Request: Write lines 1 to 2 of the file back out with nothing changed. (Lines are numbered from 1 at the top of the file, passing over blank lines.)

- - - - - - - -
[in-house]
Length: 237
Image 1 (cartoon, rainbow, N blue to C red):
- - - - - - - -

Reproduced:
[in-house]
Length: 237